Bhargava gives us a few things to remember when communicating our value or our brand’s value.  Wait, that’s too much jargon already.  Seriously, I’ll get real now. 


Bhargava coined the term “Likeonomics”  and it’s based on being simple, human, brutally honest and emotional. GET REAL PEOPLE!  Here’s how: 

1) Simple
               
To be more believable, the first step is simple and based on personal relationships, said Bhargava. “Be genuine, be honest, be open.” He believes that this concept has powered the social media revolution and the brands that have embraced it.

2) Be Human
               
If you’re trying to build relationships, it’s a good idea to be human. Simply said, but not easily done.



3) Brutally Honest
               
This is tough for some people.  In her book A Place of Yes, Bethenny Frankel addresses this, too.  She says, You’ve set yourself up to live with integrity, and this rule is the key to practicing that integrity.If you do it, say it, think it, then own it, and you’ll never have to scramble to cover your tracks or remember your lies or make up any excuses. Owning it means taking that final step toward fully acknowledging who you really are”.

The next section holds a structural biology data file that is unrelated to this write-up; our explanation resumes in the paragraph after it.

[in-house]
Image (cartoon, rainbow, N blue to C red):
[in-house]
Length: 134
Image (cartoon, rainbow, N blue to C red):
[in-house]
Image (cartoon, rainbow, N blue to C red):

4) Emotional
               
Be invested in your passion and others will be too. 

Try these on for size over the next few weeks and see if people like you.  For being you.  Guaranteed ROI.  People will do business with you – not because you make the best widget or sell it at the best price or because you’re in the best location – but because they like you. 
               

7.01.2011

Is That Old PC a Lemon? Maybe You Need an Apple.

As the digital age evolves, conversations among friends and colleagues revolve around the technology which guides our daily lives.  Does your company use social media? Do you Tweet? Are you addicted to your phone? And, inevitably, the discussions include the decades-long question: Are you a Mac or a PC?

Technology is increasingly personal.  Mobile phones are personal.  Messages are personal.  This could explain why everything seem to begin with ‘i’.  It is no surprise, then, that marketing campaigns are becoming more personal by making connections with the audience. Smart marketers tell their brand’s story by making the consumer the central character within that story.  Apple’s Get A Mac campaign executed this idea flawlessly.  They made the audience the central character as they told their product’s story.